Writing Atelier is here for you. Have a look.

Hi friends!

This is a post dedicated to my new mission: Writing Atelier. It is a new site showcasing the writing services I offer. In the Blog page you can find a portfolio of my work.

Gingerbread Houses and the Automotive Industry are two of the most recent subjects I tackled for my customers. Both gave me a 5 Star review on fiverr. I really enjoyed the variety!

I write articles, blog posts, website content and marketing emails. If there is anything you’d like me to write for you please let me know.

I would really welcome any ideas and suggestions you might want to share. I love referrals too!

Thanks!

The best writing advice I got so far

In this post I want to share the most efficient writing advice I got so far. I started this journey in writing some time ago with the goal to write professionally. I want to write staff that people want to read. Don’t we all?

The more I write, the more I realize that professional writing isn’t about the writer. It is about the reader. It isn’t about self-expression, it’s about getting the message across. And getting the message across isn’t always easy. Often it means that what you wrote is unreadable, or useless. Writing for others needs to have a purpose, to serve their needs in some way.

As my tutor says, what we write needs to either inform or entertain or educate or even provoke. In any case it needs to have something to offer. But even if there is something useful to say, how do we go about saying it? Fragmented writing is my main pitfall. It’s so easy to make too big a leap in your paragraph. To imply things the reader doesn’t know – because I didn’t write them. To skip some parts of the event and throw the reader right to the end without taking it one step at a time. And those are just some of my shortcomings.

So, what do I do to improve? The one piece of advice I was given by all tutors is to read it out loud. That is a lot more difficult than it sounds. I still haven’t been able to do it. Breaking the silence in the room scares me. Although as time goes by, I realize this is going to be a necessary tool. But not my favorite.

You know what my favorite tool is? Copying! Yes, copying as an exercise. Copying great writers using pen and paper. I find this to be such a powerful mental exercise. It is based on the rule of input – output. As a writer you can create great output only if great input goes into your head. And great input can have many forms. One of which is reading great books. And copying parts of those books the old-fashioned hand-written way. The way that allows the brain to process that input.

I know I have a long way to go, and this exercise really helps. It functions both as a technical guide – on sentence and paragraph structure – and as inspiration.  The book I’m using right now for this is Hotel du Lac by Anita Brookner. Such a skilled writer. I am amazed every day by the way she writes long sentences. Her sentences can be five lines long and flow beautifully. I have to say, as I read them, I keep thinking: She must have read them out loud! Maybe even more than once.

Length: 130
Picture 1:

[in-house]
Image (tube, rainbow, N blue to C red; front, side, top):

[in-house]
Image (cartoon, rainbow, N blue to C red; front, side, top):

That is the best writing advice I got so far. If you are interested in any type of writing, go ahead and try this. Let me know what you think.

Is there some valuable writing advice you would like to share? Send me a reply and let me know.

In how many ways can you say something?

Have you ever tried this?
Expressing the same idea in many different ways.

Writing down the same idea in many different ways is a first for me. Each time with a different aim in mind. This was part of a learning exercise for an online writing course, and I found it very interesting and very revealing. I never thought I could say the same thing in so many ways. Let’s begin.

The original viewpoint

Self-discipline: the ability to make yourself do things you know you should even when you do not want to. However difficult to achieve, it is an important attribute of successful people.

Moving towards the reader

Making yourself do what is needed, even if you don’t feel like it, is commendable. Self-discipline is definitely aiding you in your road to success.

Moving away from the reader

Self-discipline is a commendable ability. Doing whatever necessary despite not feeling like it is difficult, yet necessary to succeed in any field.

Moving against the reader

Self-discipline is not exactly your strong-suit, is it? Well, no surprise there! It isn’t easy to do something when you don’t really feel like it. Success in life can come without this self inflicting discipline. I get it.

Push: suggest, advise, reason 

Self-discipline is the ability to make yourself do the things you should, even when you don’t want to. It is often difficult but it is widely recognised as one of the main attributes of successful people.

Push: state expectations, evaluate, reward and threaten

Self-discipline is clearly expected of you at this stage. Your performance is clearly depending upon that and high marks will only derive from such an approach. Failure is imminent without this type of commitment.

Pull: listen, disclose, empathise

I know it is difficult. Self-discipline can be such a challenge, I know. I’ve been there. But I also know that it is necessary. It really makes a difference at the end if the day. It’s the only way to become the best and succeed.

Pull: identify common ground and create a scenario

Self-discipline is the way. I know, I’ve been there. Within this predicament it is absolutely necessary I’m afraid. Only by doing what is needed, even if you don’t feel like it at all, you are going to excel and succeed. But it’s worth it. Joining this team is going to be an amazing experience.

What did you think of this exercise? I’d love to read your thoughts on the different types of expression. Do send me a reply below.

I would like to thank my tutor Philippa Davies for this course and for all the feedback she sends me.